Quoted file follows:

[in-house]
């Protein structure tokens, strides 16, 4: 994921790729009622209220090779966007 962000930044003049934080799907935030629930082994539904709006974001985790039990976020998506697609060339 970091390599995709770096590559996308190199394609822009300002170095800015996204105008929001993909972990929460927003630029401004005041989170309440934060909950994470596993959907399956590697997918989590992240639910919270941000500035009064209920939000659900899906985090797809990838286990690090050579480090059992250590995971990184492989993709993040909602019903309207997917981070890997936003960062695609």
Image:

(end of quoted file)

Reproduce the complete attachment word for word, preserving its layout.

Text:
[in-house]
């Protein structure tokens, strides 16, 4: 994921790729009622209220090779966007 962000930044003049934080799907935030629930082994539904709006974001985790039990976020998506697609060339 970091390599995709770096590559996308190199394609822009300002170095800015996204105008929001993909972990929460927003630029401004005041989170309440934060909950994470596993959907399956590697997918989590992240639910919270941000500035009064209920939000659900899906985090797809990838286990690090050579480090059992250590995971990184492989993709993040909602019903309207997917981070890997936003960062695609």
Image: